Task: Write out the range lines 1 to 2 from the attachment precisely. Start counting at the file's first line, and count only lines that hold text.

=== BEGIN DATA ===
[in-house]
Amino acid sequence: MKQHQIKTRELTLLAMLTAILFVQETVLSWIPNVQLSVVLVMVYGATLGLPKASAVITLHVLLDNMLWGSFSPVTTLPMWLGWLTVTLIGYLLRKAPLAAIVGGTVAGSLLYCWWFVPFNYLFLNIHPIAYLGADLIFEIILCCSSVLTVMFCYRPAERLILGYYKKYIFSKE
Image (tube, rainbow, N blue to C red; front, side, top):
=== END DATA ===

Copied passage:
[in-house]
Amino acid sequence: MKQHQIKTRELTLLAMLTAILFVQETVLSWIPNVQLSVVLVMVYGATLGLPKASAVITLHVLLDNMLWGSFSPVTTLPMWLGWLTVTLIGYLLRKAPLAAIVGGTVAGSLLYCWWFVPFNYLFLNIHPIAYLGADLIFEIILCCSSVLTVMFCYRPAERLILGYYKKYIFSKE